Developing procedures for the purging, handling of natural gas
AEP Natural Gas Plant Fleet
Twenty-three gas-fired plants with a total generating capacity exceeding 8000 MW
Key project participants: Patrick C Myers, team leader, and AEP’s Natural Gas Fuel Facilities and Operations Review Team
The fatal explosion during a gas blow at the Kleen Energy powerplant construction site in Connecticut on February 7, 2010, was the latest and most catastrophic in a series of similar events in recent years—including the ConAgra Slim Jim plant in North Carolina and Hilton Hotel construction site in San Diego.
Several months before the Kleen Energy explosion, the US Chemical Safety and Hazard Investigation Board (CSB) issued a safety bulletin entitled, “Dangers of Purging Gas Piping into Buildings,” and three days before the Kleen Energy explosion,the CSB approved urgent safety recommendations to the National Fire Protection Assn (NFPA), American Gas Assn (AGA), and International Code Council (ICC) to strengthen the national fuel gas code provisions on purging.
Our group of affiliated companies, with a fleet of 23 gas-fueled powerplants and four coal-fired plants that use gas-fired boilers, plus others under construction or likely to be constructed in the near future, needed to ensure that its gas facilities were not susceptible to similar events. These companies could wait for the regulators and standard-making bodies to issue new rules or it could take interim measures to ensure it was providing the highest level of personnel safety during the handling and use of natural gas fuel.
In February 2010, the companies began the process that led to the creation of the Natural Gas Fuel Facilities and Operations Review Team. This multi-disciplinary team of generation and safety and health professionals was charged to proactively evaluate the safety of the companies’ internal requirements, practices, and physical plant designs associated with the use of natural gas fuel for venting, purging, blowing down, and line-charging activities at its powerplants and make recommendations for improvement. The scope of the review was fourfold:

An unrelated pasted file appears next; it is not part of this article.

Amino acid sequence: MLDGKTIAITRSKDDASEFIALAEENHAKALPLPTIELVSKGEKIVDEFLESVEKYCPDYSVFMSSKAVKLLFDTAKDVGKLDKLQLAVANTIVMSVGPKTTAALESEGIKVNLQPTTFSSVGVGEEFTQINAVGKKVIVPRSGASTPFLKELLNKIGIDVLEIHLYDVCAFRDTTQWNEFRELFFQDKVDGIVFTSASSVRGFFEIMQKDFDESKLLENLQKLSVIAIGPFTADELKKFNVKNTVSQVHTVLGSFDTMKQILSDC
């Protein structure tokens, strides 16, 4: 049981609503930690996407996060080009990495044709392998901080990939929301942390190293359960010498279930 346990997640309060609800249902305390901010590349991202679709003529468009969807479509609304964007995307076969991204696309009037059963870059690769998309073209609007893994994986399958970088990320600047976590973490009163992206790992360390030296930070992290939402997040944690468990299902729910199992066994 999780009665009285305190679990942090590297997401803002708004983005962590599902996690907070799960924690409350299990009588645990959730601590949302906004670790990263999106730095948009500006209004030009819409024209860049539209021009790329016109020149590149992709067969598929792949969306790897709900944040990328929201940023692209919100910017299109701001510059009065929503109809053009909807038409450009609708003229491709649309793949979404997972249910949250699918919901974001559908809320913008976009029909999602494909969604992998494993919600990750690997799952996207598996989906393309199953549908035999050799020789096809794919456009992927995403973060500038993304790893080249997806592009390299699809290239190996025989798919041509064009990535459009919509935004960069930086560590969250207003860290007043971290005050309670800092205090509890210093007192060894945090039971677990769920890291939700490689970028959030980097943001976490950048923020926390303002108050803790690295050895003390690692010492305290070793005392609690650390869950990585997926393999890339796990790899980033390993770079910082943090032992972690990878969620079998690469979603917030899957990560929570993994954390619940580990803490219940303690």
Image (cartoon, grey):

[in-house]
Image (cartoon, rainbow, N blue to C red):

1. Review and evaluate existing internal requirements and practices that address the following aspects of the handling and use of natural gas fuel at its facilities:
- Design, construction, and modifications of facilities, equipment, and processes.
- Startup, operation, inspection, and maintenance of facilities and equipment.
- Training, qualification, and oversightof personnel involved in anyof the above.
- Management-of-change procedures involving any of the above.
2. Review and evaluate requirements and practices for protecting company personnel during gas handling and use activities performed by others at or in proximity to its power generation facilities.
3. Review and evaluate the designs, arrangements, and physical conditions of its power generation facilities that handle and use natural gas.
4. Research alternative practices, methods, or designs that would constitute “best practices.”
The team began work in early March 2010 and worked throughout the spring and summer. This included discussions with personnel responsible for gas purging and handling in other utilities and industries and gas transmission companies, plus an independent combustion engineering consultant with particular expertise is natural gas. The team also inspected a sampling of the gas plants within its fleet.
On Aug 31, 2010, the team delivered its draft findings and recommendations to its executive sponsors. The sponsors fully endorsed thereport, which was organized alongsix focus areas:
- Management of change.
The sponsors also authorized moving forward with certain recommendations immediately and directed the team to continue its ongoing efforts in other areas. The team subsequently inspected additional plants in order to develop draft checklists for conducting thorough gas-focused inspections of all of its facilities.
The team presented an update to the sponsors on Dec 20, 2010, and followed-up with a short list of high-priority issues in need of attention, whether plant-specific or fleet wide. The process of wrapping up the team’s work and handing-off responsibility for inspecting the entire fleet and implementing recommended improvements began at year’s end. A formal project management approach will be used for this purpose.